At the start of the weekend I found myself tucked up in bed watching The Hobbit: An Unexpected Journey and I caught myself thinking primarily about two things: firstly, what a wonderful story The Hobbit is; and secondly, wow New Zealand is beautiful! I can’t wait to see it for myself.
This led me on to think about what has brought me to my own adventures. I can’t remember hosting a wizard and a group of ravenous dwarves that filled me with a desire to travel beyond my own borders but this longing of mine to see the world must have started somewhere.
I guess it began, like all things do, at home. I was around six weeks old when my parents first took me away and I spent my first night under canvas. I’ve had a love of camping for as long as I can remember and I have no doubt that this is because it is something that I’ve always found pleasure in. There are even some aspects of camping in bad weather that I enjoy, like the sound of rain drops bouncing off canvas, even the thought of it brings a smile to my face. I’m inclined to be outdoors where there are constantly things happening and new experiences to expose my senses to.
Two of my family members, a cousin and an uncle, took off on round the world trips when I was growing up. I don’t really remember being that impressed at the time or being particularly drawn to the idea but the fact that I knew that this kind of life was possible can only have given me confidence to take those first steps towards planning my own adventures. The fact that my uncle’s trip is what led me to be in Australia in the first place can’t be so easily over looked. I got my first taste for flying, a prolonged stay in a marginally different culture and a feel for being on the road.
Linking nicely back to The Hobbit I’ve always found myself drawn to books with an adventure or fantasy theme running through them. To this day, The Hobbit remains one of the best adventure stories I’ve read. I built a library of escapism with a large collection of Willard Price’s Adventure series. If you weren’t lucky enough to be introduced to this collection of books, it follows the journey of teenage zoologist brothers Hal and Roger Hunt as they travel the world capturing animals for their father’s wildlife collection. I’ve been exposed to the idea of young people travelling the world, doing what they love and experiencing incredible things along the way right from the off.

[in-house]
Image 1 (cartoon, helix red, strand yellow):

Now I find myself reading travel writing that will have me snorting out loud on a train packed full of commuters as I try to conceal my laughter, thanks to Bill Bryson, the blogs of other travelers who always have an interesting story to tell, and the journeys of life like Jack Kerouac’s On The Road. Before I embarked on my travelling, the words of another as they describe the city they had just arrived at for the first time were awe-inspiring and magnificent playgrounds for my imagination. Now, they’re no less inspiring, instead it’s refreshing and eye-opening to hear how somebody else viewed that favourite skyline on their initial approach.
Then there’s the bug itself. Everyone knows about it, nobody seems to be immune from it, once you’ve caught it, it’s almost impossible to shake. What could be more inspiring than the journey itself? Waking up to navigate your way through a brand new city, crossing the next border, hoping that everything is in order when the train guard demands your passport, meeting all of those wonderful people and hearing about their own incredible adventures. How could anybody give that up? I certainly can’t and I guess that’s how I got here. I’ve just got to get away again.